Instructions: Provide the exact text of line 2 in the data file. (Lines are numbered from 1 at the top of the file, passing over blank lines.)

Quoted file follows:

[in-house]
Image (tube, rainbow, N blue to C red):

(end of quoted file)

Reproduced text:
Image (tube, rainbow, N blue to C red):